Nine years ago a book was published which was difficult to slot into an obvious category. Part memoir, part meditation on grief, part nature writing, H is for Hawk by Helen Macdonald won both the Samuel Johnson Prize for Non-Fiction and the overall Costa Book of the Year award. Selling well over half a million copies, it sparked an appetite for passionate first-person nonfiction narratives – in readers and publishers alike – that continues to this day.

Macdonald’s ground-breaking book was beaten onto shelves by another bellwether nonfiction title, published earlier that year: Henry Marsh’s Do No Harm, in which the neurosurgeon combined ‘stories of life, death and brain surgery’ with more personal anecdotes. Do No Harm has also sold in huge numbers, and has been followed by a wave of what agents are now calling ‘professional confessionals’: insights into the lives of ordinary people – from nurses to fire fighters to barristers – that the public (and, therefore, publishers) can’t get enough of.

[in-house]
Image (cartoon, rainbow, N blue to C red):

That year marked what agents and publishers identify as the start of the rise of literary narrative nonfiction, a genre that continues to sweep all before it, including titles such as Cathy Rentzenbrink’s The Last Act of Love, an account of how her brother was knocked down by a car and the agonising decision she and her parents had to make; Adam Kay’s This is Going to Hurt, a ‘painfully funny’ (said Stephen Fry) insight into life as a junior doctor that has sold over a million copies and been turned into a successful TV series; Raynor Winn’s The Salt Path, a memoir about being made homeless and walking the South West Coast Path; and Bart van Es’s The Cut Out Girl, a winning mix of history and biography that won the Costa Book of the Year. (Cathy Rentzenbrink is one of the core tutors at the Mslexia Memoir School, 20-24 March.)